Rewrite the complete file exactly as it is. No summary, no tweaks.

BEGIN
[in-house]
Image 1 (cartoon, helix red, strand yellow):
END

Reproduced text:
[in-house]
Image 1 (cartoon, helix red, strand yellow):